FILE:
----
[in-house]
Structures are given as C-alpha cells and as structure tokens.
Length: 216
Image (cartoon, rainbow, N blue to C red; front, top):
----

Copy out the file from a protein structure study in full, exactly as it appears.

[in-house]
Structures are given as C-alpha cells and as structure tokens.
Length: 216
Image (cartoon, rainbow, N blue to C red; front, top):